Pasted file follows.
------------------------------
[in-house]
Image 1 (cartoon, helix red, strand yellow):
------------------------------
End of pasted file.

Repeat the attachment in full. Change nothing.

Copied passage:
[in-house]
Image 1 (cartoon, helix red, strand yellow):